VANCOUVER, BC – It’s good to be back.
Vancouver Whitecaps FC kicked off the 2018 MLS regular season on Sunday with a 2-1 win over Montreal Impact. Here are three things that stood out to me about the match.
KAMARA, DAVIES DAZZLE
It was the Kei Kamara and Alphonso Davies show at BC Place.
All afternoon, Davies was flying down the left flank, causing problems for fellow Canadian international Michael Petrasso. The 17-year-old finished the match with a game-high six dribbles – defined a successful attempt to beat a defender in a one v. one situation. That would have been the second highest total of any MLS player in all of 2017.
Kamara, for his part, was a menace up top, working his tail off out of possession. That shouldn’t come as a surprise, though, because he had been doing that since the first game of the preseason. The 33-year-old striker, who certainly didn’t look his age on Sunday, was involved in a game-high 21 duels, which speaks to his desire to fight for every single ball.
“He sets the tone with the work rate up front, holding the ball up, flicking it on, and he allows the wide players and the midfield players to get up the pitch a bit more,” said Whitecaps FC head coach Carl Robinson. “He was the focal point of our attack.”
Both players got their rewards in the second half.
First, Davies sent in a pinpoint cross to Kamara, who found the back of the net with a world-class header that has been nominated for MLS Goal of the Week. Davies attempted a game-high eight crosses, which was something he touched on after the match.
“Being a winger, I need to supply crosses for my strikers,” Davies told reporters.
Here's the thing about Davies adding a crossing dimension to his game: it’s going to keep defenders honest. Get tight to him, he’ll go around you. Give him space, he’ll deliver a ball into the box.
Pick your poison.
Shortly after Kamara’s opener, Davies scored his first MLS goal with a point-blank finish on a cross from Cristian Techera. After both goals, Davies and Kamara broke out in dance, including a “Wakanda Forever” tribute in reference to Black Panther.
“They spend a lot of time together off the field as well, around the training facility,” Robinson said. “When it works on the field, you see the big smiles on their faces. I think Phonzie has a dance partner now. Kei’s a character. And a good character for Phonzie. And that’s what we need.”
TEIBERT SHINES IN NEW ROLE
Last week, I asked Russell Teibert where his confidence level was at after a strong preseason. Some trolled me on Twitter, calling it a soft-ball question, but I thought his answer was quite telling.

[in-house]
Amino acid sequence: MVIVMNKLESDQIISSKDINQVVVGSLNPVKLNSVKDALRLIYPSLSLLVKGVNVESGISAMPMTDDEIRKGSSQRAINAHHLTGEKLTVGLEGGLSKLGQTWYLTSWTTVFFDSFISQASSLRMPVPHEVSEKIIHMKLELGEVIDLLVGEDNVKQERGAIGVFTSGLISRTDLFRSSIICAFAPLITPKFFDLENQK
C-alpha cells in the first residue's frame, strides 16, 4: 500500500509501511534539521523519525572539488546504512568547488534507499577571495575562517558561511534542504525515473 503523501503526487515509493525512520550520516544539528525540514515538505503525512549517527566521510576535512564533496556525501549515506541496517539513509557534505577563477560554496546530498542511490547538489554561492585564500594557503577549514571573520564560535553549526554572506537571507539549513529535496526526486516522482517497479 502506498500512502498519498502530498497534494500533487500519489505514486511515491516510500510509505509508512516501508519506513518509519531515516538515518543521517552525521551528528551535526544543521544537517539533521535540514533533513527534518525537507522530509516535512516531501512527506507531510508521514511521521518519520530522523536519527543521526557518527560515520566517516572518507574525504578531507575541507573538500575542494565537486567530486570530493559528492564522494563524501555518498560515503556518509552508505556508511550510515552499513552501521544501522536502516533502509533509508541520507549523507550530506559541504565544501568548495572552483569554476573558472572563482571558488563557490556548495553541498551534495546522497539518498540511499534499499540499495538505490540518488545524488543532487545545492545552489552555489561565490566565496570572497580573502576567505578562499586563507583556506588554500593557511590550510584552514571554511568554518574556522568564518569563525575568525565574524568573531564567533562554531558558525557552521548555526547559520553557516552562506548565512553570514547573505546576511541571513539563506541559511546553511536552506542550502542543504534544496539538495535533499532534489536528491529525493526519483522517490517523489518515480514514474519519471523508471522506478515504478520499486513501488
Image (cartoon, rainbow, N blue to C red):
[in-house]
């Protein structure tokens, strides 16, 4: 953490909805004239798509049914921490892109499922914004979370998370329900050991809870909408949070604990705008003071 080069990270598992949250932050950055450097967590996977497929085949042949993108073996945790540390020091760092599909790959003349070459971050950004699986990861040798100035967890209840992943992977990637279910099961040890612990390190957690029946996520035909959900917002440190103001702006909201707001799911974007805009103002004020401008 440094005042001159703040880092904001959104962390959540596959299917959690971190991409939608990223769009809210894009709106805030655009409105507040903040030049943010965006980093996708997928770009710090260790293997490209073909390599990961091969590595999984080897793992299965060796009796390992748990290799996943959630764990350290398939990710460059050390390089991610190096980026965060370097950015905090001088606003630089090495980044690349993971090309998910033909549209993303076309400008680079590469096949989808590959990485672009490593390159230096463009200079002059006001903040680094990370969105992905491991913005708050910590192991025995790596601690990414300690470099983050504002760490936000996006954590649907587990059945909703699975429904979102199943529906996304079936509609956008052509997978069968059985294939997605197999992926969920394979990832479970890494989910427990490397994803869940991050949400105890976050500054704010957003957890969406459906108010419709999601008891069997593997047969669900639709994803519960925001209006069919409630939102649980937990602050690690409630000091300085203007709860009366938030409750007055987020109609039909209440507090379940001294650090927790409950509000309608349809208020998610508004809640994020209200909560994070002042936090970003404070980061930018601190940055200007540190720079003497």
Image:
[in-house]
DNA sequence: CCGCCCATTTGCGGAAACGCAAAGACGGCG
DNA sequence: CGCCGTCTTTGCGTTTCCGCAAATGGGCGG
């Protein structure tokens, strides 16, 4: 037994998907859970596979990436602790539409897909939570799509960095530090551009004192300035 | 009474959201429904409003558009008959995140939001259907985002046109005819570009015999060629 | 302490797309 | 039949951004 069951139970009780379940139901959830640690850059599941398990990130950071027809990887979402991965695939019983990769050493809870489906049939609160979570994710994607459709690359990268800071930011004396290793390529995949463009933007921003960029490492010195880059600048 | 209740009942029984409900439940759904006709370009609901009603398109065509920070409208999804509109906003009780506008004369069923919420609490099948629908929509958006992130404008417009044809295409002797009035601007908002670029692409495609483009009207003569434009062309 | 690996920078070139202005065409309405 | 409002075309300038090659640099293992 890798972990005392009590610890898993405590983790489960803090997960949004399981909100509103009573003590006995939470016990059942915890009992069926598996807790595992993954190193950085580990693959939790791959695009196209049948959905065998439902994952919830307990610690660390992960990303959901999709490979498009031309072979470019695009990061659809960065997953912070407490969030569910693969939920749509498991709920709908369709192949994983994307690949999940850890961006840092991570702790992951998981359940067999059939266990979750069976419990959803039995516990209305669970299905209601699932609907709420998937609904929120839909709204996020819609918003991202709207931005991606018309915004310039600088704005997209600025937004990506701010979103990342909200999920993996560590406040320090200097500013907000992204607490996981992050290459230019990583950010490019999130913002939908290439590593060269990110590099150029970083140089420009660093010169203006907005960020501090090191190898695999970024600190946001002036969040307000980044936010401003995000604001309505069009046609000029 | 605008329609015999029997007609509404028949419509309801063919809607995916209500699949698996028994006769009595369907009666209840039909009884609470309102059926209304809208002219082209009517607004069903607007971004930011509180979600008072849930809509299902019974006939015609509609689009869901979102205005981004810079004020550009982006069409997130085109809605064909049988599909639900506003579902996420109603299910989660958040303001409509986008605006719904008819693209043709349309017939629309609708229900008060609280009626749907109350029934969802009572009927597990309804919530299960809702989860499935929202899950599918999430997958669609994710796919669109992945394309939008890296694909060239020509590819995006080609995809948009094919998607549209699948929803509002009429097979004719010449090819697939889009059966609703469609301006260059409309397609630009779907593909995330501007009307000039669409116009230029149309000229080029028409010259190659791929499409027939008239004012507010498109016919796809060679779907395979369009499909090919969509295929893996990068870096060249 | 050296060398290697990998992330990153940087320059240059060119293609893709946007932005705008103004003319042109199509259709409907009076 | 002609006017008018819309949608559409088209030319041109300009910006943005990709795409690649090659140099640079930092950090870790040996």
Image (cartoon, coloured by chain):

Without hesitation, Teibert said: “High. Very high.” And it certainly showed on Sunday.
As you can see below, the 25-year-old Canadian started as a lone, deep-lying midfielder in Vancouver’s 4-1-4-1 formation – rather than playing next to a midfield partner – and was influential from start to finish.
Whitecaps FC player position map - courtesy of WhoScored.com
“We made a slight adjustment and he’s responded very well,” Robinson said of Teibert’s new role. “We know he’s fit. He’s probably the fittest player we have on our team. I challenged him at the end of last year to come back in and play in that first game.”
Not only did Teibert put in a shift defensively, recording a team-high four tackles while acting as a shield in front of the back line, he also saw a ton of the ball and did a fine job distributing it to Vancouver’s attacking players. Teibert completed a game-high 63 passes on the afternoon, only missing five, and recorded a second assist on Kamara’s goal with a nice ball out wide to Davies.
“He saw a lot of the ball, broke up plays when he needed to, kept it simple, played forward a lot of the time which is really important, and got our key players on the ball,” Robinson said. “So it was a very good performance.”
There were 27,837 boisterous fans in attendance on Sunday, which was a full lower bowl sellout and the biggest-ever crowd for a ‘Caps home opener. And we’re not just talking about the Major League Soccer era. That’s since the club’s inaugural season in 1974.
“The noise was brilliant,” Robinson said, “and the players responded.”
They sure did.